"Indifferent things can go either direction
depending on the desire, will and character of the user:
wealth, power, honor, bodily strength,
health, beauty, life itself and death,
poverty, bodily sickness, insults.
Nothing should be called bad
other than sin alone."
John Cassian Conf. 6.III.2
Today’s Gospel (Luke 16:1-13) presents us with a kind of a two-edged sword. It’s easy to remember the famous one-liner that closes it––“You cannot serve both God and mammon.” This word “mammon” is interesting: it doesn’t just mean money; it signifies wealth when it is an evil influence or, perhaps more important for our purposes, a false object of worship or devotion, in other words, an idol. And yet the whole Gospel story has been about a dishonest servant who has acted prudently with money, and Jesus explains it’s because children of the world are more prudent in dealing with their own than children of the light. That’s us, by the way: let’s assume that we are, or are meant to be, children of the light, those who are in some way supposed to be as good as what we do as others are at what they do, perhaps to say as good at our spiritual duties as others are at their worldly duties.
At the beginning of the spiritual life there is a common tendency to think in terms of black and white––this is good and that is all bad; the soul is good, the body is bad; everything supposedly sacred––church activities, church music, church organizations––are good and everything secular is bad; being holy is good, money is bad. And yet we find ourselves trying to live and survive and raise children in the world that demands that we know how to act responsibly. Maturity brings with it a certain nuance about these things and actually makes us walk an even finer line, a higher road, through a narrower gate. We learn that there is a progression from our duties in this world to our spiritual duties, almost as if how we fulfill our duties in this world is going to affect how we fulfill our spiritual duties. God is in the details! The person who is trustworthy in small matters is also trustworthy in great ones.
This reminds me of the four stages of life in India, how one moves from being a student, to being a householder––with the mandate to make lots of money and raise and care for children and parents––before one moves into the more contemplative phases of life. None of these stages are bad, and holiness is to be found everywhere in whatever stage or station in life we find ourselves.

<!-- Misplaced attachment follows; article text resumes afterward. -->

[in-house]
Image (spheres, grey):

The nuance that we learn is that all these beautiful created things that surround us have an importance, but they have a relative importance, that’s all. My favorite example these days has been the ego. Sometimes people in the spiritual life think that they have to destroy the ego. But I think that is very dangerous language. The Sufi teacher Kabir Helminski writes, “The ego is a fundamentally positive energy with many positive qualities: aspiration, diligence, responsibility, self-respect, discipline, integrity.” These are the positive qualities that Jesus seems to be alluding to in the Gospel, don’t they? Well, that’s because these positive qualities belong to and come from the divine Source, and then they get reflected in us. And as we develop the positive aspects of ego, we find that the ego can be undergirded and supported by spiritual intelligence and wisdom, and then it can act as an instrument of this greater intelligence and wisdom rather than merely as a proponent of its own self-interest. What is needed is “to establish a subtle balance––the ego in co-creatorship with the Spirit.” Co-creatorship: that is what we are about.
I love this essentially optimistic approach: Whatever exists is essentially good. If there were not some good in it, it would not exist at all. So the ego is not to be destroyed but to recognized for what it is and/or can be: a friend, a servant, an instrument, and not a master, or an object of worship. And the same applies to all our wealth, our material wealth, our talents, our sexuality, music and the arts––they are all our friends! If they were not good they would not exist. And we need to keep them in perspective as friends, servants and instruments, and not let them become gods and monsters.
And part of the function of the talents is that they are to be put at the disposal of the world, so that we too become servants, friends and instruments, instruments of God’s peace for the world. That’s why we also hear from the prophet Amos railing against those who trample on the needy and destroy the poor. All of this wealth we are given––our wealth, our material wealth, our talents, our sexuality, music and the arts––are meant as gifts for the world. We are meant to be co-creators, pro-creative in our world, laying our lives, our wealth, and our talents down for the sake of the world as friends, servants and instruments of God’s peace. That’s why the Eucharistic bread gets broken and passed out, and the Eucharistic cup gets poured out and shared. So do we get broken open, passed out shared; poured out and passed around for the sake of the world. When we know who we are, we know what we are meant to be and do in the world, for the sake of the world.
So let’s pay attention to the little things in our life, recognizing that all these little things are gifts for our use, never letting them become masters and god and objects of worship, but seeing them as instruments, servants, and friends, so that we in turn may be friends, servants and instruments of God’s peace in our world.